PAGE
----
Bond dissociation energies for transition metal silicides accurately determined

Tue, 22 Aug 2017 11:23:25 EDT

Transition metal silicides, a distinct class of semiconducting materials that contain silicon, demonstrate superior oxidation resistance, high temperature stability and low corrosion rates, which make them promising for a variety of future developments in electronic devices. Despite their relevance to modern technology, however, fundamental aspects of the chemical bonding between their transition metal atoms and silicon remain poorly understood. One of the most important, but poorly known, properties is the strength of these chemical bonds—the thermochemical bond dissociation energy.



Orange is the new green: How orange peels revived a Costa Rican forest

Tue, 22 Aug 2017 11:05:17 EDT

In the mid-1990s, 1,000 truckloads of orange peels and orange pulp were purposefully unloaded onto a barren pasture in a Costa Rican national park. Today, that area is covered in lush, vine-laden forest.



Professor calls for federal guarantee of quality education for kids

Tue, 22 Aug 2017 10:50:02 EDT

American children, no matter where they live or what school they attend, deserve to be guaranteed a quality education, much as we guarantee a safety net for seniors, argued Professor Marta Tienda of Princeton University's Woodrow Wilson School of Public and International Affairs. Without a federal guarantee to restore the "educational social contract," she wrote, the United States will never close educational achievement gaps or restore its schools to their former international preeminence.



What's the annual value of trees? $500 million per megacity, study says

Tue, 22 Aug 2017 10:48:04 EDT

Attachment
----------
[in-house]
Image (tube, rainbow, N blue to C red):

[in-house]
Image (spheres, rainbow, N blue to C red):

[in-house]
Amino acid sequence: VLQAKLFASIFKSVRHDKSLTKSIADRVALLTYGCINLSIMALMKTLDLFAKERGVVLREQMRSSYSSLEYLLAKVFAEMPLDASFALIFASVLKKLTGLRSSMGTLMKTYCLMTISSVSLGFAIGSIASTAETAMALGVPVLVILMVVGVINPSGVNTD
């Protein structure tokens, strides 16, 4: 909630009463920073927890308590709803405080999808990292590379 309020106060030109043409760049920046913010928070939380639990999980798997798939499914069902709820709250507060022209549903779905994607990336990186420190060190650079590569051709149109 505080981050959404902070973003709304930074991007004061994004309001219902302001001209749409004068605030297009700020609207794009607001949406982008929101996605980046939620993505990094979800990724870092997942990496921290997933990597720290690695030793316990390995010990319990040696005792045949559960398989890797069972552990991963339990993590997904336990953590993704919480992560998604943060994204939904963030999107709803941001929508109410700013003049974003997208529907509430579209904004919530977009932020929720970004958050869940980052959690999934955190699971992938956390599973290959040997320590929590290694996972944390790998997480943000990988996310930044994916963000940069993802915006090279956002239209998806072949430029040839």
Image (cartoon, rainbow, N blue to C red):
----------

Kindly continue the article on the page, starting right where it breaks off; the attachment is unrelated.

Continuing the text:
In the megacities that are home to nearly 10 percent of the world's 7.5 billion people, trees provide each city with more than $500 million each year in services that make urban environments cleaner, more affordable and more pleasant places to live.



How do international development projects affect property values?

Tue, 22 Aug 2017 10:40:04 EDT

When looking to buy a home or other property in the U.S., location is typically at the top of the list—many buyers value properties with access to amenities like schools, parks, and an easy commute. But is that value shared by home buyers in developing countries? University of Illinois economist Hope Michelson looked at property transactions in Kenya near what she assumed would be a highly desirable location and found the real estate mantra, "location, location, location," wasn't necessarily the guiding principle there.



Sales newbies, don't fret—just go above and beyond

Tue, 22 Aug 2017 10:30:37 EDT

Good news for novice salespeople worried about becoming successful: Expressing your gratitude to customers by going above and beyond your job description may be as effective as developing long-term relationships with them, indicates a first-of-its-kind study.



Research team uses computation and experiment to understand how novel material properties form

Tue, 22 Aug 2017 09:59:14 EDT